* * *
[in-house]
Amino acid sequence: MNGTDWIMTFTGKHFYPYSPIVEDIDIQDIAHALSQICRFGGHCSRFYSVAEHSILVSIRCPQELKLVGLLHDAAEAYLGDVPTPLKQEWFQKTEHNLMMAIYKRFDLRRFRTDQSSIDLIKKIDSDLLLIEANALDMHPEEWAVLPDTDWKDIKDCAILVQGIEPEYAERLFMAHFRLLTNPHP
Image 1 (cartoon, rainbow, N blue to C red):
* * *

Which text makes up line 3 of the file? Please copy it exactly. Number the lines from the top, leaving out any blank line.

Image 1 (cartoon, rainbow, N blue to C red):